Sophia Chen of MRS Bulletin interviews Frankie Rawson of the University of Nottingham, UK, about wirelessly manipulating the electrical behavior of living cells. His research group does so by applying an external voltage to Au nanoparticles inserted into the cell. The voltage causes a molecule attached to each Au nanoparticle to undergo a redox reaction, in which atoms give up or accept electrons from each other. Read the abstract in Applied Nano Materials.
SOPHIA CHEN: Tiny electrical currents flow in many parts of the human body. For example, ions moving inside cells or crossing cell membranes. Many instances of these electrical currents occur because of a type of chemical reaction in the cell known as a redox reaction, in which atoms give up or accept electrons from each other.
FRANKIE RAWSON: Ultimately, redox reactions underpin how cells make energy.
SC: Frankie Rawson is a bioengineer at the University of Nottingham in the UK. He’s designing materials that can be placed into a live cell—and modify its electrical behavior.
FR: Biology is largely underpinned by electrical behavior, and we’re starting to realize that if we can merge and develop materials that seamlessly integrate with that biology we can control the electrical input and output on a really targeted scale.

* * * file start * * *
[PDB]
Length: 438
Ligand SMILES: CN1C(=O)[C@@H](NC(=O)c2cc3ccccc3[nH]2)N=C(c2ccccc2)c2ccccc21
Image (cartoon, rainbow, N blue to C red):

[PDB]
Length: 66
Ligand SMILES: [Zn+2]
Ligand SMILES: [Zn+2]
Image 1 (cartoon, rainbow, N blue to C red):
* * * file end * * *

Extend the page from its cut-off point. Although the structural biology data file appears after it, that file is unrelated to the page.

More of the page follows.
SC: In the past, to manipulate a cell’s electrical behavior, researchers would have to place nanowires inside the cell. Rawson and his team have recently demonstrated that they can do this wirelessly. Essentially, they drove a redox reaction in the cell, and they did it like this. They inserted modified gold nanoparticles into the cell. Then, they applied an external voltage. They applied a relatively low 150 volts compared to the kilovolts used in prior experiments. This basically causes a molecule attached to each gold nanoparticle to undergo a redox reaction. The nanoparticle helps direct the external electric field.
FR: The gold nanoparticle acts as an electrical antennae, effectively.
SC: The researchers confirmed that the redox reaction occurred using two different methods. First, they illuminated the molecule attached to the gold nanoparticle, a type of molecule known as zinc porphyrin, with yellow light and monitored its fluorescence. Zinc porphyrin’s fluorescence changes depending on its number of electrons. When the molecule gains an electron, its fluorescence dims, signifying that the redox reaction has occurred. At the same time, the researchers also performed a measurement known as cyclic voltammetry, in which they measure electrical behavior of the nanoparticle while changing an applied voltage. These two methods collectively indicated that they had triggered a redox reaction at the surface of the gold nanoparticle inside the cell wirelessly.
FR: What that means is, that’s moving toward that step where you don’t need a physical wire connection inside the cell to actuate electrochemical behavior inside the cell.
SC: Ultimately, the bigger goal is to use the zinc porphyrin redox reaction to drive other reactions inside the cell. Rawson wants to trigger redox reactions in a cell that would kill it.
FR: If everything goes to plan, the research hypothesis is that you can use this as a bioelectronic drug. You put this in an organism; you can target the electric field in a location in that organism, and switch on cell death. Our hypothesis is to use this to kill cancer cells.